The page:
Khaibar was well fortified, as it was surrounded by several rocky lands, and a small fort was erected on each of them; it was not easy for a small force of Muslims to enter it. After limited fighting, the small force stationed on the outskirts of Khaibar waiting to be able enter the fortress, but the Jews gathered their forces in the fortified city, and attempts to attack them failed.
The Holy Prophet (sa) then received a revelation that God Almighty would grant the Muslims victory through the hands of a man who loved Allah and His Messenger (sa), and whom Allah and His Messenger (sa) loved. The Holy Prophet (sa) announced this to the Muslims who eagerly waited to find out who this man was.
The next morning, people hastened to the Holy Prophetsa, each one of them hoping that the military banner would be given to them. The Holy Prophet (sa) asked, “Where is Ali bin Abi Talib?” They responded: “His eyes are sore.” The Holy Prophet (sa) then sent for him and when he came, the Holy Prophet (sa) applied his saliva to Ali’s (ra) eyes and supplicated. Ali (ra) recovered as if he had never had any ailment at all. The Holy Prophet (ra) conferred him the banner.
Ali (ra) said: ‘O Messenger of Allah, shall I fight against them until they are like us?’ Thereupon the Holy Prophet (sa) said, “Advance cautiously until you reach their open places; thereafter, invite them to Islam and inform them about what is obligatory upon them from the rights of Allah. Indeed, by Allah, if Allah guides even one person through you that is better for you than possessing a whole lot of red camels.’ (Bukhari).
Although the Jews had gathered their forces inside this fort, Ali (ra) and his companions were able to penetrate the fort before dark, and a peace agreement was signed. The conditions were that all the Jews, their spouses, and children would leave Khaibar for another place far from Madinah.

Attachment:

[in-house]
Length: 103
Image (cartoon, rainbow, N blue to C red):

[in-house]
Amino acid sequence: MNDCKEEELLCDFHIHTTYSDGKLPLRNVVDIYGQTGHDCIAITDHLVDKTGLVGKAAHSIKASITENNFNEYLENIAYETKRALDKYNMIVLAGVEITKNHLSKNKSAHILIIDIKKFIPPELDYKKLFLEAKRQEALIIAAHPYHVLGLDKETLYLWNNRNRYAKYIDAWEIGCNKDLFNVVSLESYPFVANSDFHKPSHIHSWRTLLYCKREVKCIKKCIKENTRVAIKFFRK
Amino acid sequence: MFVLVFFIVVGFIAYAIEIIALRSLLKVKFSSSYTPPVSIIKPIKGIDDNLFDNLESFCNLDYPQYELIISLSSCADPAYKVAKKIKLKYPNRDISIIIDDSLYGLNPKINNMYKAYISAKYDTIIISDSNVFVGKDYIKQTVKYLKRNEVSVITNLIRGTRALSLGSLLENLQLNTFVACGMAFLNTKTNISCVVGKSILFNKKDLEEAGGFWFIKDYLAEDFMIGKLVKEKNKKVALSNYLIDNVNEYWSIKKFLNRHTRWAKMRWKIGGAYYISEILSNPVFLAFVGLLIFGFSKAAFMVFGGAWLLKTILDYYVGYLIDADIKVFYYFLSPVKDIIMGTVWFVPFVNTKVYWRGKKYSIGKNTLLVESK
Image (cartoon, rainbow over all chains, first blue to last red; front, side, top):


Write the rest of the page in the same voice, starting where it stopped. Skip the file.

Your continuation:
During the Battle of Khaibar, Safiyya’s husband, Kinana, was killed, while her father was killed in the Battle of the Trench.
It is important to mention the testimony of Safiyya herself about her father’s enmity towards the Holy Prophet (sa). She said: ‘I was the most beloved child of my father and my uncle Abu Yasser; whenever I met them with any of their other children, they took me instead of him or her. When the Messenger of Allah (sa) was coming to Madinah, and arrived at Quba at Bani Amr bin Awf, my father, Huyay bin Akhtab, and my uncle, Abu Yasser bin Akhtab, went there secretly. They did not return until sunset. They were too tired, walking slowly. So I ran to them, as I used to do, and by God, none of them looked at me as they were consumed with deep grief. I heard my uncle Abu Yasser saying to my father, Huyay ibn Akhtab: “Is it him (i.e. the awaited Prophet)?” He responded: “Yes, by God”. He [Abu Yasser] said: “Do you recognise him and confirm that it is him?” He responded: “Yes”, to which he [Abu Yasser] stated: “What do you have in mind that we do with him?” He said: “By God, I will be his enemy as long as I remain alive”’. (Sirat Ibn Hisham).
Thus, even though the peace treaties were ratified, the Jews of Medina remained hostile to the Messenger of God and tried to kill him several times. They incited the tribes against him and sought help from the Romans and Persians, but Allah protected him as per His promise: ‘And Allah will protect thee from men’ (The Holy Quran: 5:68).